The announcement came by email just two days before the concert: Andre Watts, scheduled to perform Beethoven’s Piano Concerto No. 4 with the Philadelphia Orchestra for the series beginning on February 2, was unable to appear because he had not sufficiently recovered from prostate cancer treatments. In his place, the 29-year-old French pianist, Lise de la Salle, would perform the same concerto with the orchestra.
I had mixed feelings in response to this announcement. I’m a long-time admirer of Watts and was anxious to hear him once again as he marked the 60th anniversary of his first appearance with the orchestra (at age 10!). And the reason for his non-appearance certainly hit close to home. On the other hand, it’s always good to have the opportunity to hear a performer for the first time, especially one who has received very positive reaction in the classical music world.
When I’m in the mood for grand and mighty, Beethoven’s Piano Concerto No. 5, the “Emperor,” fills the bill. But No. 4 is a work of far more nuance and subtlety. It’s the first of his piano concertos that I heard, and it remains my favorite. The unique character of this work is evident from the very beginning. Tossing aside the conventions of the day, which mandated an orchestral introduction for any concerto, Beethoven begins instead with the solo piano, playing a simple but elegant theme with a series of chords and one rapid scale. The orchestra responds with a slight variation of the theme in a different key, and the wonderful interplay between piano and orchestra proceeds from there. De la Salle and the orchestra, led by guest conductor Fabio Luisi, conveyed the nobility and refinement of this movement, although they could be forgiven for being a touch out of synch in a couple of places.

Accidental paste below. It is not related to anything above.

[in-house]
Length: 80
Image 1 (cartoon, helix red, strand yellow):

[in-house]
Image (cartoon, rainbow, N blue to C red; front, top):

The second movement is even more unusual. Some call it a dialogue between the piano and the orchestral strings, but it’s more like a debate. The orchestra keeps uttering an urgent, anxious message, while the piano responds each time with a soothing calm. Eventually, the orchestra succumbs and matches the soloist’s mood, so the piano wins the debate!
The lively third and final movement leaves behind the sublime and the drama for just some good, uninhibited fun, and here, de la Salle displayed some of her most glittering passagework. But with the sparkle, there was still refinement.
The audience responded enthusiastically, and when de la Salle sat down at the piano for an encore, she turned to the audience and playfully asked, “I don’t know which encore to play, Debussy or Rachmaninoff?” Rachmaninoff won by a voice vote (no surprise in Philadelphia), and de la Salle responded with a dazzling rendition of one of the Etudes Tableaux.
Two orchestral favorites completed the program for this concert. The evening began with a lively performance of Weber’s Overture to Oberon. The concluding work was Cesar Franck’s Symphony in D Minor. This symphony may be somewhat out of fashion in some classical music circles, but with its melodic richness, dramatic sweep, and beautiful solo passages by the English Horn and other winds, it remains popular in Philadelphia. Thursday night’s performance was certainly well received by the audience.